Junie B. Jones series by Barbara Park
These early chapter books are great for new readers or fun for parents to read. Junie B. is hysterical. She is often doing the wrong thing, but her heart is in the right place.
A Christmas Carol by Charles Dickens
This was my first reading of the tale and I enjoyed it. I have seen many movie versions of the book and always enjoyed the story. The story of redemption is timeless.
Collection Development Librarian
Only Murders in the Building
While I decided to watch this because of my love of Steve Martin and Martin Short, the almost immediate plunge into the murder mystery hooked me. I enjoyed getting to know the characters, and their banter made me feel like I was involved in the investigation.
This TV show is what I think The X-Files would be like if it had focused on comedy. Two professionally disgraced men are specifically requested to help find a man who works for a secret department that investigates the unknown (aliens, cryptids, etc). The storyline is interesting, but my favorite part of the show is its sense of humor! Adam Scott (Parks and Recreation) and Craig Robinson (The Office, Brooklyn Nine-Nine) have perfect chemistry as Max and Leroy, and don’t follow the formula we’ve become so used to in half hour comedies. It’s rare a comedy takes me by surprise multiple times in an episode, and this one does every time. It’s a perfect, chill, enjoyable comedy!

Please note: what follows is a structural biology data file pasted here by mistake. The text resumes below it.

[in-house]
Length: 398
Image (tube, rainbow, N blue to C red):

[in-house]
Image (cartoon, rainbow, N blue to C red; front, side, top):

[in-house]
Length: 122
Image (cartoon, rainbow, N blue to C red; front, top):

Can Bears Ski? by Raymond Antrobus, illustrated by Polly Dunbar
A young bear keeps being asked, “Can bears ski?” You follow along with him from not being able to fully hear his family through his getting hearing aids.
I’m Sorry by Michael Ian Black, illustrated by Debbie Ridpath Ohi
Michael Ian Black was first known as a comedian, and lately he has been writing a wonderful picture book series starring a girl, a flamingo and a potato. In this installment, Potato hurts Flamingo’s feelings and gives a lackluster, insincere apology. The girl helps Potato understand the importance of a good apology, and how to give one.
Keep Your Head Up by Aliya King Neil, illustrated by Charly Palmer
D is having a rough day. Everything seems to be going from bad to worse. He is encouraged to keep his head up, be kind to himself, and get through the bad days, because tomorrow is a fresh start.
Gladys the Magic Chicken by Adam Rubin, illustrated by Adam Rex
Glady is an ordinary chicken. Right? Through a hilarious, action packed chain of coincidences (and people seeing what they want to see), Gladys’s reputation as a Magic Chicken gets her passed from person to person.
Hair Twins by Raakhee Mirchandani, illustrated by Holly Hatam
A girl’s father does her hair every day, and she especially loves when he gives her a bun on the top of her head just like the joora he wears under his turban. These are their hair twins days!
Survivor Tree by Marcie Colleen, illustrated by Aaron Becker